Every day in America, there are single moms struggling to take sick children to doctors' appointments because missing work isn't an option. Working dads find themselves straining to focus at work, because their employer doesn't provide paternity leave that would enable them to contribute at home and bond with their new babies. Young women are questioning their ability to thrive in the workplace as they try to balance the needs of their families with their responsibilities at work.
Nearly half of America's workforce is now comprised of women, and three-fourths of households are headed by a working single parent, or two working parents. Still, our workplaces have yet to catch up by implementing policies which empower women, and provide flexibility for parents.
Most parents, myself included, have felt at times like we were barely holding on by our finger tips as we try to meet all of the demands on our time. I often recall a time while working for Mayor Richard Daley in Chicago, when the value of a flexible work environment was made clear. I had just been promoted to the role of Commissioner of Planning and Development, and he had convened a meeting with members of his cabinet and Susan Sher, who was the corporation counsel at the time. She was also one of my dearest friends, and a single mom too.
As the meeting stretched on, the two of us kept looking at our watches, and at each other. Finally, the Mayor interrupted the conversation, gave us a piercing stare, and asked if there was somewhere more important that we needed to be.
I wasn't at all sure how to respond, but I looked across the table at Susan, and blurted out, "Susan and I both have second graders, and their Halloween Parade starts in 20 minutes -- and it is 25 minutes away." We both braced ourselves, not knowing how the Mayor might respond. But without a second's hesitation, he replied, "Well then what are you doing here? You better get moving."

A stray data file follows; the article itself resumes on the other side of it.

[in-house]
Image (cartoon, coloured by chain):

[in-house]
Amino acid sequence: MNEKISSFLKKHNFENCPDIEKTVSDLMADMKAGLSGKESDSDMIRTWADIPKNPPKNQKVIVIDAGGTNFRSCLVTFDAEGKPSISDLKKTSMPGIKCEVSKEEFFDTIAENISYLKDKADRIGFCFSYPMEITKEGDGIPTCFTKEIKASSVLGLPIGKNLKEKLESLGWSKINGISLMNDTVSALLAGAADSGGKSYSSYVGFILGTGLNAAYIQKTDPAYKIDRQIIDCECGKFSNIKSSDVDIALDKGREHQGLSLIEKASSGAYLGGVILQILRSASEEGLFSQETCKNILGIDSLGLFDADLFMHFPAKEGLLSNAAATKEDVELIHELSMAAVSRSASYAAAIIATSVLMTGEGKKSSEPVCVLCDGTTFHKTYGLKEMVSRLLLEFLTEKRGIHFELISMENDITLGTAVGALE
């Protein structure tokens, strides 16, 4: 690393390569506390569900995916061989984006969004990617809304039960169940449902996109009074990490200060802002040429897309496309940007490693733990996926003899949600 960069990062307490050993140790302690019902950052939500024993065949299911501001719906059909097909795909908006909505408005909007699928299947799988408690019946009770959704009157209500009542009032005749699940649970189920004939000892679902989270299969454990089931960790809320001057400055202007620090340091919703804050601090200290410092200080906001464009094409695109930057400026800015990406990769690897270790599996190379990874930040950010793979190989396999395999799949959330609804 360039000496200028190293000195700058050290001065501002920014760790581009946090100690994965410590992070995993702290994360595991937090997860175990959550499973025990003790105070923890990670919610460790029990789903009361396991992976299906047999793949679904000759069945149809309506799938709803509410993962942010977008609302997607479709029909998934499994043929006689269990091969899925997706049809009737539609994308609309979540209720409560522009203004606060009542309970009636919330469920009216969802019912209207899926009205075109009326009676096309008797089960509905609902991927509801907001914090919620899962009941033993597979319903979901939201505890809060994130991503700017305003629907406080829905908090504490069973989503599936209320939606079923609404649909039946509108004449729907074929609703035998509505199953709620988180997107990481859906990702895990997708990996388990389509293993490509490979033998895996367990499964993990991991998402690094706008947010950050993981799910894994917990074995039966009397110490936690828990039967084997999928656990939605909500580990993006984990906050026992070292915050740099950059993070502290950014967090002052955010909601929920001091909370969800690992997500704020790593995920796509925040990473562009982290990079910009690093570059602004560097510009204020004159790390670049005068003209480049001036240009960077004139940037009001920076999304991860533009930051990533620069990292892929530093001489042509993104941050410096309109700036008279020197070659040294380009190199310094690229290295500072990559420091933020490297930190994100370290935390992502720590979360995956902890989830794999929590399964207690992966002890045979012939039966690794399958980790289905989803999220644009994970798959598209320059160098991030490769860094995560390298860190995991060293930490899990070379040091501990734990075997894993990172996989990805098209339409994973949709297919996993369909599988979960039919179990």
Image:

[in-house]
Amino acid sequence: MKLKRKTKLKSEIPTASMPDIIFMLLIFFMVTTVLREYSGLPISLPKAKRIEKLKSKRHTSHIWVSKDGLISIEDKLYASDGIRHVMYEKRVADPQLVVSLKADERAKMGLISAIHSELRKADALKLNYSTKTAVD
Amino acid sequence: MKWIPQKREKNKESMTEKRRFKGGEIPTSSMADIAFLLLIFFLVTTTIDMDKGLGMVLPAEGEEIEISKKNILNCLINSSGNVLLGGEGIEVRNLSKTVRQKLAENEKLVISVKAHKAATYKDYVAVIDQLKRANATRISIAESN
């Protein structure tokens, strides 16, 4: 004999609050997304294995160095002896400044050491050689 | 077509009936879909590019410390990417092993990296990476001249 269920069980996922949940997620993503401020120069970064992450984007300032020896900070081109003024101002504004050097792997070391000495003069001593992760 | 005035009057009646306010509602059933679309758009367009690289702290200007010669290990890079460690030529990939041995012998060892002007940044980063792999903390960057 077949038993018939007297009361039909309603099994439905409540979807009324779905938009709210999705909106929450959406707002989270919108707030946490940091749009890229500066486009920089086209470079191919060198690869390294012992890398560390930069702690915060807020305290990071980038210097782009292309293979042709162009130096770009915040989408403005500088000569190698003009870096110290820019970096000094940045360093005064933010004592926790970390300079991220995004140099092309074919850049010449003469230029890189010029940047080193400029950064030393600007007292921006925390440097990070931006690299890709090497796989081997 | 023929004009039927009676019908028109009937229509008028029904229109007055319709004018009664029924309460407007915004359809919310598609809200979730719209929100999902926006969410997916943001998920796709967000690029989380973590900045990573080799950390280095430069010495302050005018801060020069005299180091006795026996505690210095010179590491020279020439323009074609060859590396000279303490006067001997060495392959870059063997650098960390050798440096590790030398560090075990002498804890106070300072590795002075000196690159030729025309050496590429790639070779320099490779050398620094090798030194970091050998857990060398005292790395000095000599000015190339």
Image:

As our demographics continue to shift, more and more employers are beginning to understand that their workers will only perform at their best, and stick around for the long haul, if they don't have to sneak around, or pretend that they don't have meaningful lives outside of the office.
Prioritizing the needs of working families, and empowering women in our workplaces is not only good for American families, it increases productivity, boosts worker retention, and adds to the strength of our economy. Adjusting to the needs of today's families is critical to the success of our 21st century workforce, and to the health of American families for generations to come.
Valerie Jarrett serves as a Senior Advisor to President Barack Obama.
This post is part of a series produced by The White House in conjunction with its Working Families Summit, the goal of which is to help "create 21st-century workplaces that work for all Americans." Today's regional summit in New York City is part of a series of events across the country leading up to the main event on June 23, 2014, in Washington, D.C. Read here to learn more about the effort.